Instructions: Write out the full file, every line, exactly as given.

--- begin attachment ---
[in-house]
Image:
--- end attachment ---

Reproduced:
[in-house]
Image: